This last Sunday afternoon, staying at home was getting a little stale, and we thought that we might take a drive as a family. By this point, just getting out and seeing something other than the inside of our house felt like pretty essential travel. In keeping with the spirit of limiting social contact, we decided to stay on the backroads. We took Frozen Dog Road out of Emmett, which turned into Shalerock Road on the south side of Black Canyon Reservoir. From there, we crossed the river at Montour, then up to Sweet. From the Sweet/Ola Highway, Brownlee Road takes you up to Dry Buck Road. Aren’t these great names for roads? There’s a story behind each one of them.
Anyway, if you take Dry Buck Road north, you’ll eventually come to a fork, with one road headed east down into the Payette River canyon at Banks, and the other continues north to High Valley. Right near that fork, there’s a little church, tucked on a hillside in a small grove of massive Ponderosa pines. The Pinehurst Church was built in 1934, serving a small logging community. It’s a small building, white clapboards with fading green trim, and a little bell-tower cupola. If you look underneath, you can see the rough-sawn logs that form the foundation beams, still holding up the floor.
The windows along the sides of the building were covered with shutters, and Cyrus and Tatia opened one set to see into the front of the sanctuary. The upper sash of the old single-hung windows is divided into nine panes—a large center pane surrounded by small squares on each corner, and rectangular glass on the sides. On this particular window, someone years ago had painted religious symbols on each of the four corner panes. Back in the early years, Pinehurst had been a Foursquare Gospel church, and the four images were representative of what the Foursquare Church believe are the characteristics of Jesus—Jesus the Savior, Baptizer, Healer, and Coming King. By the 1950s, most of the old mills had shut down, and there were only a few families living in the area. Today, all that’s gone. Where there once was a little community, the church is the only remnant.
While the Pinehurst Church still has a lot of particular and personal history attached to it, most of that is lost on the people who witness it today. Today, it stands simply as a church. You can’t confuse this little building with anything other than what it is—a house of worship. The shape of it, the imagery lovingly painted on the windows, the rows of seats and the pulpit, all say without apology that this is a church. On a long board, hung over the front of the sanctuary, are the words from Hebrews 13:8—“Jesus Christ, the same yesterday, and to day, and for ever.” Of everything that has come and gone in this high-mountain valley, the church remains.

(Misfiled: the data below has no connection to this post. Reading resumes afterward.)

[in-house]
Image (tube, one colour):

In these days of uncertainty, there are a lot of social institutions that are on fragile footing. When we’re finally able to get out and about again, we may find that some of the businesses that we once patronized are no longer there. The way we interact in the civic arena may change significantly. There may be people we once connected with that we no longer see. We may even have to mourn some who have died while we have been apart. Our ways of life may not be the same. But that little church under the giant pines is a reminder that there are things that do not change. The persistence of God’s people is certain. While Pinehurst Church is more of a symbol of that persistence, the reality is that the true church—the people of God—remain when all else falls away. And there is a good reason for this.
When the author of the letter to the Hebrews wanted to warn his readers of the danger of “strange teaching,” he reminds them of the truth—the same truth that someone decades ago wanted to tell the members of the Pinehurst congregation—Jesus Christ doesn’t change. And we have witnessed change—more every day, it seems. The Pinehurst Church has seen a lot of it over the nearly 90 years since it was built. The Nampa Church of the Brethren has seen a lot over the 120-plus years we’ve been a congregation. All that is nothing compared to the thousands of years that the church has witnessed since Jesus’ day. The church is persistent, for sure. But it is not persistent because of anything inherent in its own character. It is persistent because of the One who gives it life. It is persistent because of the One it follows. It is persistent not because of its practices and patterns of worship, not because of its doctrine or the depth of its pockets or the structural integrity of its buildings. The church persists through all the trial and tribulations, through all the change and disruptions, through all the attacks of “strange teaching,” because of the One who created it, who died for it, and who sustains it—the One who is the same yesterday, today and forever.
Don’t be discouraged. While we are in a time of disruption and we’re not sure what the future will hold, there are two things that we can be sure of. First, and most important, is that Jesus doesn’t change. If you need any evidence of that unchanging love—love that is the same yesterday, today, and forever—then all you need to do is look at the church, which is the second sure thing. For all its faults and failures, for all its shortsightedness and blind stumbles, the church remains. Jesus, who never changes, will lead His people through the trial. The cornerstone is solid and secure. And the shape may shift, and we’ll probably reconsider our practices once in a while, but the heart of the Gospel—that God loves us so much that He sent His Son—will come through the changes unchanged.